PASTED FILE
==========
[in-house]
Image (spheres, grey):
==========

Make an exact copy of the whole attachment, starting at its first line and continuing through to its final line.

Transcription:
[in-house]
Image (spheres, grey):